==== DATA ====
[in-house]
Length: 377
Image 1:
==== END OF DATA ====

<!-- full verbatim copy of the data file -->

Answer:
[in-house]
Length: 377
Image 1: